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CD Review: Gogol Bordello's Trans-Continental Hustle 

The Deal: Fifth studio album from gypsy rockers gets a little polish on it from producer Rick Rubin.

The Good: Call it gypsy punk, gypsy rock, folk with an edge or whatever you like – the fact remains that Gogol Bordello is a unique band on the music landscape these days. They combine punk energy with folk-style songwriting and the energy of rock. There's a strong Eastern European influence evident in the violin and accordion that have always been present (as well as singer Eugene Hütz's accent), but the new album also finds some South American hints from Hütz's new country of residence, Brazil. "Uma Menina" finds a good bit of Latin percussion in it. While some tracks are toned-down acoustic numbers, most are ramped-up and energetic that you could only imagine working an audience into a frenzy.

The Bad: While retaining some of the raw energy that has been present on previous albums and in the band's live performances, the album is definitely more polished than previous efforts. However, if you listen closely, you can hear every instrument clearly instead of it being in a big indiscernible muddy mix.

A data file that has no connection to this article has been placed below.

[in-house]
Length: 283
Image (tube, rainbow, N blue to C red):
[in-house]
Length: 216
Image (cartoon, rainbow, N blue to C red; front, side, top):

The Verdict: A good portion of the band's appeal is their frantic live show, but the music does its best to capture that without visuals. Hütz has a style as unique as the music as a whole. It's also fun, pure and simple.

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  • On Saturday, Oct. 21, hundreds gathered at Camp North End on Statesville Avenue for Charlotte's first black alternative music festival. We captured some of the bands in action on stage, but mostly we surveyed the grounds as fans, families, vendors and more lounged around the sprawling, colorful Camp North End site. It was a great day of music, food, fun, and sweet, autumn sunshine. (Photos by Mark Kemp)
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